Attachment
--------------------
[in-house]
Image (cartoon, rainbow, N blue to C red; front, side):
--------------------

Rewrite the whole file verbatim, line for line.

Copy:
[in-house]
Image (cartoon, rainbow, N blue to C red; front, side):